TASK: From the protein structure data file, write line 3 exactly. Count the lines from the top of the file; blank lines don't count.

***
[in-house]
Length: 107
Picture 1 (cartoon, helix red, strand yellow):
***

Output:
Picture 1 (cartoon, helix red, strand yellow):